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Indonesia’s largest telecommunication satellite launched by SpaceX

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Indonesia and Elon Musk’s SpaceX successfully launched the country’s largest telecommunication satellite, marking a significant milestone in connecting remote areas of the archipelago to the Internet.

The $540 million project aims to bridge the connectivity gap in the underdeveloped eastern islands of Indonesia, where internet access is limited, reported Reuters.

With approximately two-thirds of the country’s 280 million population already using the internet, the focus is on extending connectivity to the far-flung regions. The launch of the 4.5-tonne Satellite of the Republic of Indonesia (SATIRA-1), constructed by Thales Alenia Space, took place in Florida and was facilitated by SpaceX’s Falcon 9 rocket. Following the successful deployment, the rocket made a precision landing at an offshore site.

SpaceX drops plan to make Falcon 9 rockets more reusable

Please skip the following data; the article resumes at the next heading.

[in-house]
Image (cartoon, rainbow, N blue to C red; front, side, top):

The satellite was aboard the Falcon 9 rocket.

The satellite will be positioned above Indonesia’s eastern Papua region in the orbital slot. According to the Indonesian government, it boasts an impressive throughput capacity of 150 gigabytes per second, enabling internet access for 50,000 public service points. The project is a joint effort between the government and PT Satelit Nusantara Tiga, an Indonesia satellite service provider representing a public-private partnership.

“Satellite technology will accelerate internet access to villages in areas that fibre optics cannot reach in the next 10 years,” said Mahfud MD, senior Indonesian minister.

Elon Musk seems to have geared towards offering global connectivity. In March this year, Starlink offered a $200 per month global roaming plan for customers who travel a lot. In October last year, Starlink offered satellite internet on planes which the company claimed would be available as soon as users enter the plane. Going back to August 2022, SpaceX entered into a partnership with T-Mobile to leverage Starlink’s low-orbit satellites to provide internet to remote areas with little or no coverage.

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Kumar Hemant

Deputy Editor at Candid.Technology. Hemant writes at the intersection of tech and culture and has a keen interest in science, social issues and international relations. You can contact him here:

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